Tarot & Love: A Changing Perspective

Tarot & Love: A Changing Perspective


The older I've got - and the more I've worked with tarot - the more ... antsy I feel when the "good" cards come up in a reading. Antsy. Niggly. Squirrelly. Existentially brrrrrrrrrrrrr!

I'm thinking back to the early 2000s and my first foray into tarot, and how I felt when I encountered the Two of Cups. It was like a tiny shot of dopamine. Ohhhh! The promise. Ahhhhh! The possibilities! Mmmmmmmm! A handsome stranger.

The reason for this cynical "Hmmmm" is simple: no card can deliver the promise dreamed up by my own fantasies. Not anymore.

A part of me - the 23-year-old part of me - reads this and thinks: "Urgh!"

Bless her. No wonder! Because it's shit - that moment when you realise that not only is the tarot never going to deal you the cards you want to hold; life isn't going to either. You know too much. You see too much. Interpretations are no longer one-dimensional, straightforward.

A life lived fully means that the lived experience of each archetypal situation in a card is an exercise in contradiction and complexity.

True love doesn't exist in the tarot, because it doesn't exist in real life. Not in one card, anyway. True love exists, yes: but it exists in all the cards. So you want the Two of Cups? I'll raise you the "Five of Wands". You want "The Lovers"? I'll raise you "The Devil". Deal with those along with the good stuff and then you're learning to contend with another person as they are. (And, during this process, you may realise they are not the person for you, and you are well within your rights to call it a day. Whenever you want. For whatever reason you want. As are they.)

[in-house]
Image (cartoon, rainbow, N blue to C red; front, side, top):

There is no one card without the others; nothing exists in isolation. I used to be able to cubby-hole romance off into a neat little tall-dark-handsome package in my 20-something dreams (even my 40-something dreams a few years ago), but tarot taught me that any one of 78 cards is waiting to inhabit the vacuum created by my anticipation, and it really wasn't interested in pandering to my romantic desires.

So the Two of Cups now is tempered in the most literal sense of the word: it has been heated, re-heated, and cooled. I'm thankful that, as a Cups card, it can call on the essential waters of its suit to do this cooling. In this way, it becomes more of its element. The Lovers feels incomplete without The Devil. I know they go hand in hand. How can you know what freedom is if you have no idea what it's like to be in servitude to something, or someone, else?

Nothing has meaning without its opposite, including Temperance itself.

We need to know imbalance before we understand balance.

So if you can relate to what I've written here, or if you cannot relate to what I've written here, guess what? You're both in exactly the right place.